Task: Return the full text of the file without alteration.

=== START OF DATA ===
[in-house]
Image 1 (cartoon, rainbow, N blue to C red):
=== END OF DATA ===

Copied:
[in-house]
Image 1 (cartoon, rainbow, N blue to C red):